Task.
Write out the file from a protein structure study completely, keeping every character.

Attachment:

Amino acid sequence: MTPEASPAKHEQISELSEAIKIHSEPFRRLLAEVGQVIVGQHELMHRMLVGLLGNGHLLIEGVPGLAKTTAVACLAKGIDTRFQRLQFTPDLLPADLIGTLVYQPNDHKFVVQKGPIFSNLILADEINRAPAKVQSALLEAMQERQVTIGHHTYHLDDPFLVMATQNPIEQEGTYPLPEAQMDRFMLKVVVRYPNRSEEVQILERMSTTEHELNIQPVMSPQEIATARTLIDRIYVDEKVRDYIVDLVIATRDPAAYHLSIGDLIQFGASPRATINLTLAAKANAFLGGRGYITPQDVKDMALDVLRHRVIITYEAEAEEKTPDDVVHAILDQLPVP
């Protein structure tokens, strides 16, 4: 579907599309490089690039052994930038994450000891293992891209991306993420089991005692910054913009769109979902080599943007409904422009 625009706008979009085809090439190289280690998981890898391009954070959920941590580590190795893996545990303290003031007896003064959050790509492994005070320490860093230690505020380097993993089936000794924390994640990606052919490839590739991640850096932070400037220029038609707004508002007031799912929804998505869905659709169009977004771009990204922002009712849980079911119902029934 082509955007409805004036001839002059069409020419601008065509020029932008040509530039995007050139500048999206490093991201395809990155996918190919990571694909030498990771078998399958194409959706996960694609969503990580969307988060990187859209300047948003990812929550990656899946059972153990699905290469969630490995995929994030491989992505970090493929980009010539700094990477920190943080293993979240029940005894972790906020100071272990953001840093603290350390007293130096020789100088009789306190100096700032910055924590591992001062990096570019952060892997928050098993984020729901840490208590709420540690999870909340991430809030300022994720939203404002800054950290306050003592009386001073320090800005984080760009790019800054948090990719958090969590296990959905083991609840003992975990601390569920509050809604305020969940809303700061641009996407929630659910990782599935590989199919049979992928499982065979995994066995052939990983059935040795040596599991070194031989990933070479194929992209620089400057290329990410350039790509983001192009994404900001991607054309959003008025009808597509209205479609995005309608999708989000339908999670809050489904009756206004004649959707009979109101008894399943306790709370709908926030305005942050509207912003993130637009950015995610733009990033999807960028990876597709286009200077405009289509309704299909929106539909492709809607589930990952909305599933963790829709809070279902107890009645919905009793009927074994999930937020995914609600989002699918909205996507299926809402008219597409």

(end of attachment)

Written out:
Amino acid sequence: MTPEASPAKHEQISELSEAIKIHSEPFRRLLAEVGQVIVGQHELMHRMLVGLLGNGHLLIEGVPGLAKTTAVACLAKGIDTRFQRLQFTPDLLPADLIGTLVYQPNDHKFVVQKGPIFSNLILADEINRAPAKVQSALLEAMQERQVTIGHHTYHLDDPFLVMATQNPIEQEGTYPLPEAQMDRFMLKVVVRYPNRSEEVQILERMSTTEHELNIQPVMSPQEIATARTLIDRIYVDEKVRDYIVDLVIATRDPAAYHLSIGDLIQFGASPRATINLTLAAKANAFLGGRGYITPQDVKDMALDVLRHRVIITYEAEAEEKTPDDVVHAILDQLPVP
């Protein structure tokens, strides 16, 4: 579907599309490089690039052994930038994450000891293992891209991306993420089991005692910054913009769109979902080599943007409904422009 625009706008979009085809090439190289280690998981890898391009954070959920941590580590190795893996545990303290003031007896003064959050790509492994005070320490860093230690505020380097993993089936000794924390994640990606052919490839590739991640850096932070400037220029038609707004508002007031799912929804998505869905659709169009977004771009990204922002009712849980079911119902029934 082509955007409805004036001839002059069409020419601008065509020029932008040509530039995007050139500048999206490093991201395809990155996918190919990571694909030498990771078998399958194409959706996960694609969503990580969307988060990187859209300047948003990812929550990656899946059972153990699905290469969630490995995929994030491989992505970090493929980009010539700094990477920190943080293993979240029940005894972790906020100071272990953001840093603290350390007293130096020789100088009789306190100096700032910055924590591992001062990096570019952060892997928050098993984020729901840490208590709420540690999870909340991430809030300022994720939203404002800054950290306050003592009386001073320090800005984080760009790019800054948090990719958090969590296990959905083991609840003992975990601390569920509050809604305020969940809303700061641009996407929630659910990782599935590989199919049979992928499982065979995994066995052939990983059935040795040596599991070194031989990933070479194929992209620089400057290329990410350039790509983001192009994404900001991607054309959003008025009808597509209205479609995005309608999708989000339908999670809050489904009756206004004649959707009979109101008894399943306790709370709908926030305005942050509207912003993130637009950015995610733009990033999807960028990876597709286009200077405009289509309704299909929106539909492709809607589930990952909305599933963790829709809070279902107890009645919905009793009927074994999930937020995914609600989002699918909205996507299926809402008219597409």